Given the sky-high potential he carries if he can improve his approach, the minor league coaching staff has been working relentlessly on it for the past few seasons. At certain points, they’ve resorted to measures as drastic as only allowing him to take one single swing in an entire at-bat. It hasn’t worked. Rafaela’s 4.7% walk rate this year is right in line with where it’s been his entire career. A 4.7% walk rate would be the 8th-worst in all of baseball this year. And while it’s theoretically possible to be an effective offensive player who walks as rarely as that (Bo Bichette and Luis Robert are two notable names that come to mind) it’s really, really hard.

But if, as is looking increasingly possible, he’s simply never going to improve his approach (or, at least, if it’s going to be a very long, multi-year process) then there really isn’t any reason to keep him down in the minors any longer. He’s dominating down there; bring him up and see what he can do.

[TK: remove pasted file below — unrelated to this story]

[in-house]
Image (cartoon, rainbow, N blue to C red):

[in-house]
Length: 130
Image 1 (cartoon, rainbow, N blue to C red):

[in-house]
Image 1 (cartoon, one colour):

The big league team could certainly use him, and there is space for him to get into the lineup quite regularly. Justin Turner, the team’s primary DH, is suffering from a bruised heel that may limit his effectiveness and require him to miss time down the stretch. Casas and Yoshida are both on the verge of playing more games than they ever have in their careers and could benefit from spending less time in the field. A regular rotation of these three hitters in the DH spot would give Rafaela a chance to start in center field three-to-four times a week, while pushing Duran to a less demanding position. A left-to-right outfield of Duran, Rafaela, and Verdugo might be one of the very best defensive outfields in the game, turning what has been a major weakness into a source of strength.

Chaim Bloom will have to make a major decision about the outfield this offseason. There really isn’t room for each of Duran, Rafaela, and Verdugo on the 2024 team if Yoshida is the everyday left fielder, and it makes all the sense in the world to trade one of them for pitching help. But deciding which of them should go isn’t going to be easy. Call up Ceddanne now and see if he can make the decision for you, while improving the big league team in the process.